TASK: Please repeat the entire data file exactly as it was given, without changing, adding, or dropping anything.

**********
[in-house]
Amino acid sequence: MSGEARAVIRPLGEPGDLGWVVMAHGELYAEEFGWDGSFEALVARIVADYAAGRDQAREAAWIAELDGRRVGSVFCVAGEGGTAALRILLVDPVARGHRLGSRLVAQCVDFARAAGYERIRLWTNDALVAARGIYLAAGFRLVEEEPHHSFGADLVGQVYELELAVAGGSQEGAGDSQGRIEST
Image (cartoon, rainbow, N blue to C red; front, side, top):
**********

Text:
[in-house]
Amino acid sequence: MSGEARAVIRPLGEPGDLGWVVMAHGELYAEEFGWDGSFEALVARIVADYAAGRDQAREAAWIAELDGRRVGSVFCVAGEGGTAALRILLVDPVARGHRLGSRLVAQCVDFARAAGYERIRLWTNDALVAARGIYLAAGFRLVEEEPHHSFGADLVGQVYELELAVAGGSQEGAGDSQGRIEST
Image (cartoon, rainbow, N blue to C red; front, side, top):